Psst! Got $150,000 for a college degree?
Higher university fees? As they say in showbiz, you ain’t seen nothin’ yet! If your child or grandchild were born today, the latest projections show your family will need somewhere in the neighbourhood of $150,000 to pay for their basic, ordinary, nothing-fancy, four-year undergraduate degree.
Of course, none of this is a secret to Ottawa and the provinces. It’s why Finance Minister Paul Martin sweetened the education savings pot in his last two federal budgets. The changes make registered education savings plans (RESPs) more attractive, although probably not enough to provide adequate funding.
If you have young children or grandchildren, your first step is to open an RESP. You can’t deduct contributions for income tax purposes, but taxes are deferred on income earned. Future payments go to the student, whose tax rate will almost certainly be much lower than yours. Since they will have little or no income, they’ll probably pay no tax at all.
This past February, Martin introduced a new program called the Canadian Education Savings Grant. Effective Jan. 1 of this year, any contributions made to an RESP for a child 17 or under will result in a grant from the government of to $400 per child per year. The cash from the grant will be deposited directly into your savings plan, helping it grow that much faster.
This comes on top of two improvements made in the 1997 federal budget. First, the limit on annual contributions per beneficiary was doubled from $2,000 to $4,000. The overall lifetime limit remains at $42,000, so this change is most helpful for those who start saving when their children are older.
Second, if the child does not go to university, the income from the plan can be rolled into your RRSP, provided you have available contribution room. Previously, such income was lost, with interest staying in the pool for the benefit of other students.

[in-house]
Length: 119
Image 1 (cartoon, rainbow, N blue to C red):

RESPs are certainly more attractive now, but some people will still find them restrictive. How many are likely to have anywhere near the $50,000 of RRSP room they’ll need in their late 40s or 50s, when this situation is likely to arise?
You can withdraw RESP earnings if your child does not go on to university, but at tremendous cost. The money is treated as income in the year received, taxed at your marginal rate plus a 20 per cent penalty. You could end up paying a horrendous 70-75 per cent on money taken out this way.
An interesting alternative, or addition, to an RESP is to save through a mutual fund investment plan. There’s far greater growth potential over the years, the money can be used by the child in any other way if he or she decides not go to university, and you can take out all or part at any time – for example, in a financial emergency.
Although earned interest or dividends would be attributed to you for income tax purposes, capital gains are deemed to belong to the child. So this sort of education savings program should focus on mutual funds that target long-term capital appreciation – which is what most equity funds are all about in any case.